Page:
A force of hands will lie put to work next
week at the cotton compress at Americus.
The machinery will be given an overhauling
and put in readiness for o|wration this fall,
while large adilitions are to be made to the
building in the way of sheds, platforms,
etc., for the convenient handling of cotton.
The company is confidently counting upon
pressing 40,000 (tales of cotton this winter.
The third and last company to compose
the Macon fire department will go on duty
on July 17. The company will occupy the
old engine house of No. J,” at the intei-sec
tion of Poplar and Third streets, which has
been fitted up in most convenient shape for
the boys and the steamer. The steamer is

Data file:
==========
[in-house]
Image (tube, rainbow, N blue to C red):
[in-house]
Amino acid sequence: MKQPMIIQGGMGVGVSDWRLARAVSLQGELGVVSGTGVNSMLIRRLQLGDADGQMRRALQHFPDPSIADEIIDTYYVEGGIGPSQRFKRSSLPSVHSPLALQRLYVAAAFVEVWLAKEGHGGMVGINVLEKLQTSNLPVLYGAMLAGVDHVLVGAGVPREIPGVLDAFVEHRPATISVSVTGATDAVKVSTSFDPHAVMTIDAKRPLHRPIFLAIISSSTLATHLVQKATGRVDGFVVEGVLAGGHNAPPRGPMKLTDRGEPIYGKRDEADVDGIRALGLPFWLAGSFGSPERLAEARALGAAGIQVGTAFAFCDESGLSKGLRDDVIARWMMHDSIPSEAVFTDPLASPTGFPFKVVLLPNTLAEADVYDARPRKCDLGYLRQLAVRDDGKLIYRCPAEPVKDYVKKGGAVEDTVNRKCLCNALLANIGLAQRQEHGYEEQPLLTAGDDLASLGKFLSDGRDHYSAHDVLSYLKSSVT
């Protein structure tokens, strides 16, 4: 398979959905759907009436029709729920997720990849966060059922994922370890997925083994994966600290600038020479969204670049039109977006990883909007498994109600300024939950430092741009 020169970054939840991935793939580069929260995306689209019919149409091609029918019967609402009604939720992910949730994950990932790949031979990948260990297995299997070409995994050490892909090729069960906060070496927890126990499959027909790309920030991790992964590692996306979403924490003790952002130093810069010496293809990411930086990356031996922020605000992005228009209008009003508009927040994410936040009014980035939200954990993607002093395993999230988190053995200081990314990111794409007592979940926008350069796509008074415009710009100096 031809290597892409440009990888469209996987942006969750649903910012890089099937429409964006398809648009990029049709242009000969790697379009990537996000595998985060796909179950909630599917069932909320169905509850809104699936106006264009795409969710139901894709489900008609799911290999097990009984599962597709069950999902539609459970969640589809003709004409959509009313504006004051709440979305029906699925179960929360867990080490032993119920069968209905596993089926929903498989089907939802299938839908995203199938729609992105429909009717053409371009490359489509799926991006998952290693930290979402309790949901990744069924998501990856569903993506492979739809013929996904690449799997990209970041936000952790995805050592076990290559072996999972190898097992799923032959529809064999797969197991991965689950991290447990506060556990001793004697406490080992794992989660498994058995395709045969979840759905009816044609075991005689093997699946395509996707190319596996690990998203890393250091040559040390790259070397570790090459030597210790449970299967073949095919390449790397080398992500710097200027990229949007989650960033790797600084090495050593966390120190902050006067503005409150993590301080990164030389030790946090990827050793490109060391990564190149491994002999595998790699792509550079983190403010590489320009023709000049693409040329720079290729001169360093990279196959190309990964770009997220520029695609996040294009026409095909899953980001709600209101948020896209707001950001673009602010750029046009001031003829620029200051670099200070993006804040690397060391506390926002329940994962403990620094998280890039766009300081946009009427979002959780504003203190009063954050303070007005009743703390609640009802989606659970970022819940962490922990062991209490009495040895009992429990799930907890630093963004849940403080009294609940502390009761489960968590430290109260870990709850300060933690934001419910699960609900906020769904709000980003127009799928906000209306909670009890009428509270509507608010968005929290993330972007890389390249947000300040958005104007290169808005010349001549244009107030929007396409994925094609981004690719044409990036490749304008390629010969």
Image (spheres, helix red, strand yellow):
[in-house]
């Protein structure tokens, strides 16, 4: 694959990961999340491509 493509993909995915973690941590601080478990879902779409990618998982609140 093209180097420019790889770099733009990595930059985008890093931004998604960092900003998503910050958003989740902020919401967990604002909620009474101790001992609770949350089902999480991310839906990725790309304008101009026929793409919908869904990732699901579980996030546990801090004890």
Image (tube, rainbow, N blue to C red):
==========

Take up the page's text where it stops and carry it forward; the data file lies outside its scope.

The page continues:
now daily expected from Elmira, N. Y.,
and when it comes will be put on duty at
Fire broke out. in Mr. Sehriever’s store at
Brunswick Monday night. Tho store and
stock was destroyed entirely and that part
of the building used ss the residence nearly
so. The adjacent buildings, however, were
saved, although one of them was in eight
feet of it and caught three times. -Mr.
Schriever estimates his stock at about $3,000
and the building at SI,OOO. The total in
surance is $2,400.
The annual reunion of the First Georgia
Regiment and Twelfth Georgia Battalion
takes place at Kandersville Aug. 3. Unusual
and elaborate preparations are being made
to make the occasion pleasant and profit
able. Col. Henry D. Capers, Gen. Clem
Evans, Gen. Gordon and other distinguished
gentlemen who are members of the associa
tion are expected to be present and to ad